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post #1 of 21 (permalink) Old Mar 6th, 2018, 10:41 AM Thread Starter
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A middle aged new driver and about to get a Mini

Hi all,

I'm in my 40's and just passed my driving test (first time!). It was getting embarrassing not driving at my age so I just did a crash course and got my license.

I've been advised over and over to lease a new car, don't buy and don't do PCP/PCH. This way I can get a new car and if it's not for me, hand it back after 3 yrs (or whatever the length is).

When I first looked, Clubmans were very reasonable but now Countryman's have the better deals. There is a Countryman 2.0 Cooper S Chili pack available at a good 3 year deal.

I am always pulled towards my local Mini dealership who offer PCP - but it's a lot more expensive. I have a test drive of a Countryman coming up and they promise they'll have good deals soon. But they are never as good as the leasing company's - and the leasing company has more spec'd up models available.

As a first car - is getting a Mini on lease better for me?

Any advice welcome!

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post #2 of 21 (permalink) Old Mar 6th, 2018, 02:41 PM
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https://www.carwow.co.uk/guides/fina...r-buy-your-car

Check out this article it's quite good

If you often drive in the country I would be worried about end of lease charges (they check the condition when you hand it in). But if you stick to town/motorways it is unlikely to get banged up enough to warrant any penalties


2002 Mini Cooper R50, purchased Nov 2016
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post #3 of 21 (permalink) Old Mar 6th, 2018, 06:12 PM
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Originally Posted by MiniSoph View Post
Hi all,

I'm in my 40's and just passed my driving test (first time!). It was getting embarrassing not driving at my age so I just did a crash course and got my license.

I've been advised over and over to lease a new car, don't buy and don't do PCP/PCH. This way I can get a new car and if it's not for me, hand it back after 3 yrs (or whatever the length is).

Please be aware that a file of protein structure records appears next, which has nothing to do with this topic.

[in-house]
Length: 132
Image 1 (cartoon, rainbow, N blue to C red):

When I first looked, Clubmans were very reasonable but now Countryman's have the better deals. There is a Countryman 2.0 Cooper S Chili pack available at a good 3 year deal.

I am always pulled towards my local Mini dealership who offer PCP - but it's a lot more expensive. I have a test drive of a Countryman coming up and they promise they'll have good deals soon. But they are never as good as the leasing company's - and the leasing company has more spec'd up models available.

As a first car - is getting a Mini on lease better for me?

Any advice welcome!
i've done it both ways bought new on hp owned the car after 5 years at least i had something to show for all them monthly payments at the end, another time i leased a car from new over 3 years then after 3 years hand it back had nothing to show for all those payments and a bill for excess mileage and any stone chips etc,,, the 3rd way works the best buy car out right from bank loan or bank transfer buy ex demo let someone else lose all that tax and depreciation and hammer the dealer for a better price and extended warranty etc.
just dont like that feeling leaving a car behind after paying out so much money over 3 years as its all gone on a hire agreement

Albert Einstein: The definition of insanity is doing the same thing over and over and expecting different results.
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post #4 of 21 (permalink) Old Mar 6th, 2018, 06:36 PM
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IMO nothing to show for monthly payments doesn't make a difference I mean if you pay 20k over 3 years then sell the car for 10k that's no different to paying 10k over the 3 years and then handing it back

It's not like rent vs mortgage on a house as a new car is a depreciating asset
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post #5 of 21 (permalink) Old Mar 6th, 2018, 06:46 PM
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Originally Posted by Jackdaniel View Post